Anyway, during Games 41 through 52, Neal Pionk missed four games with a lower body injury and was scratched on 2/6. When he did play, he didn’t see any top-pair TOI, and saw 3rd pair TOI three times. During the same stretch, Marc Staal only saw top-pair TOI once while seeing 3rd pair TOI five times. This is significant because as you can see outside of the two vertical/red arrow lines, Staal and Pionk are very consistently listed either together in Pairing 1 or at least as one part of Pairing 1 and 2. To simplify: during the 12 game stretch where the Rangers saw less shots and chances against, Neal Pionk and March Staal either weren’t playing or playing much less than the rest of the season.
Why am I focusing so much on Staal and Pionk, even though Adam McQuaid and Brady Skjei aren’t exactly having strong seasons? Because Staal and Pionk are two of the worse culprits when it comes to limiting shots and chances against:
Reading left to right, you can see that Claesson (far left) tends to give up much less against than DeAngelo. Skjei and DeAngelo can typically look better than Staal and Pionk because Skjei and DeAngelo generate a good amount of offense to counteract their defensive misgivings. Staal and Pionk simply do not. To be fair, because Staal and Pionk have generally played more, they’ve also seen higher-TOI competition opponents, however when I looked at TOI splits there wasn’t a major indication that they do much better with lower TOI.
Look, the reason I took to writing about this is because unless Quinn and Ruff try something different down the stretch, what faith should we have as fans that it will change next season? Barring a magical LTIR visit, Staal will be back. Pionk will likely receive a contract as an RFA (yikes), even though some AHL time wouldn’t hurt him. I personally think Skjei has more to give, but he needs to be playing with a stabilizing defenseman (such as Smith or Claesson) in order to thrive with his skating and offensive abilities. Shattenkirk has been good on a bad team, but isn’t getting any younger.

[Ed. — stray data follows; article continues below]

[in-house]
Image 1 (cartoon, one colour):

In a lost season, Quinn and Ruff should’ve been trying different pairings more often, especially when pairings such as Staal-Pionk and Skjei-McQuaid were quite visibly not working. If Gorton and the Front Office have just been letting this happen, then they’re guilty by association. John Gilmour has been suspiciously absent despite succeeding in the AHL. Brendan Smith has been able to stay in the lineup as a forward because he can actually skate, something Staal cannot do at an NHL level anymore, even though he’s been effective out back. Libor Hajek has been good in his three games, but time will tell if it’s enough to push out Staal or Pionk.
In the end, the defense should be priority number one this spring and offseason. If you’re one of the fans who wants NYR to spend this summer (Panarin or Karlsson), figuring out the most optimized D-pairs for winning becomes even more critical. If Quinn is really coaching to win, then the mixed signals of playing some of the worst options on defense needs to stop now.